Electric car subsidy program saved in Britain

Electric car subsidy program saved in Britain When a new coalition government took power last May, Prime Minister David Cameron made it clear that cuts were needed to control Britain’s budget. Traditional areas like police and emergency services have been trimmed and the entire UK Film Council was shut down. A decision to scrap a subsidy program to encourage the purchase of electric and “low-carbon” cars was saved with a little help from Nissan and Mitsubishi.

The subsidy program was created by the Labour government in 2009, and promised a 25% subsidy up to £5,000 (about $7,800) for people that purchase electric, plug-in hybrid or hydrogen fuel cell cars. It was thought that the plan could not only help the country hit their carbon targets, but also generate green jobs in the manufacturing sector.

A coalition of car makers that included Nissan and Mitsubishi warned the government that cutting the subsidy program would make the UK a far less desirable place to make cars. Nissan had already picked a British site to start production of the Leaf in 2013, while other car makers were looking into cheaper sites outside of the UK. With the current economic climate, no country can really reject corporate investment that would create jobs. Rejecting the subsidy would also be a golden ticket for Labour and the manufacturing-minded UK Independence party in the next election.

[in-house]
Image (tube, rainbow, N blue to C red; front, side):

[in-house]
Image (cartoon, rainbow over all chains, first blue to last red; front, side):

Nissan also stepped in to combat the notions held by many members of the government about plug-in cars.
Some vocal conservatives attacked the plan because of the lack of charging stations in the country, with the now Chancellor of the Exchequer George Osbourne calling the plan a “fantasy.” Nissan presented data from its Japanese customers which found that they rely more on charging their car at home rather than using a public station.

At this point, the government reduced funding for the program from £230m ($361m) to £43m ($67m). The subsidy will start in January 2011 and run until March 2012. After that, the government will take another look at the program’s viability to see if this “fantasy” can become a reality.